Updated 06/07/2012 08:57 PM
National Black Theater To Stay Open
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The National Black Theater will not raise its curtains.
Borough President Scott Stringer said he helped arrange financing to keep the theater open because the theater is too important to lose.
"This theater is so historic, both for the Harlem community and quite frankly for the world," he said. "We couldn't lose the theater to a financial dispute."
The Harlem cultural fixture was in danger of foreclosure due to financial problems.
It was also involved in disputes with a neighboring business and its former business partner.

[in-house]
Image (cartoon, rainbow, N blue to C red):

"I think that ultimately whatever disagreements we had, everyone put this community first," said Sade Lythcott, the CEO of the theater. "That's why we're able to be here."
"People love National Black Theater," said Shirley Faison, the executive director of the theater. "I'm sure that the community is very happy that we're here and going to stay here."
The theater was founded at the height of the civil rights movement in 1968 and has been a cultural hub for African-American artists ever since.